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Vancouver firefighters have battled 31% more blazes so far in 2023 than same period last year: officials

Vancouver Fire Rescue Service revealed Wednesday that the city has recorded more fires in the first half of 2023 than ever before in the same period.

Compared to the initial six months of 2022, VFRS says there’s been a 31 per cent increase in the number of fire incidents in Vancouver this year.

The majority of fires—57 per cent—have been linked to discarded smokers’ materials, according to officials.

These items include matches, lighters, torches, candles, cigarettes and materials related to drug use.

“We urgently appeal to everyone in the community to exercise extreme caution while handling and disposing of these materials. A small oversight can lead to catastrophic consequences,” reads the VFRS statement.

Out of the four fire fatalities recorded in Vancouver this year, officials say three have involved smokers’ materials and two victims were believed to be impaired by substances.

VFRS says the deaths highlight the risks of handling fire-related items while using substances—either with others or alone.

Other concerning trends fire officials have noticed is a rise in structure fires, including ones involving single-room occupancy (SRO) buildings and outdoor blazes.

VFRS says there’s been a 42.3 per cent spike in outdoor fires in the first two quarters of 2023 compared to the same time last year, however, the number of tent fires has “significantly decreased.”

The number of arson cases recorded so far in 2023 is also raising concerns.

To date, 26 per cent of fire incidents this year have been caused deliberately, according to VFRS.

The Vancouver Police Department is working to identify and address “the root causes of such acts,” the statement details.

Prioritizing fire safety is both simple and necessary, VFRS says.

“Simple actions like properly extinguishing cigarettes, using battery lights instead of candles and keeping flammable items away from ignition sources can make a significant difference in preventing fires,” reads the statement.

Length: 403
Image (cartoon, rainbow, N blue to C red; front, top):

Officials are urging everyone to report suspicious activities or potential fire hazards right away, as flames can spread quickly during dry conditions.

Additionally, VFRS is imploring people to ensure they have a working smoke alarm—something that’s required in all residential units. Batteries in these devices should be replaced regularly, and people should get a new smoke alarm every 10 years.

Earlier this year, B.C.’s government launched a $1.6-million campaign aimed at educating people about proper smoke-alarm use and fire safety.

The public safety minister and solicitor general explained in an earlier statement that the initiative is part of the province’s response to an alarming trend of increasing fire-related deaths.

There were 86 such fatalities last year—marking a 46-per-cent annual increase—according to a report by the Office of the Fire Commissioner.

In its statement Wednesday, VFRS said it will continue to promote fire safety by implementing public awareness campaigns, educational programs and community outreach initiatives.

“We acknowledge that combating this escalating trend requires collective efforts. Collaboration between the fire service, law enforcement, community organizations, and citizens is vital to create a safer environment for all,” said VFRS. Top Stories

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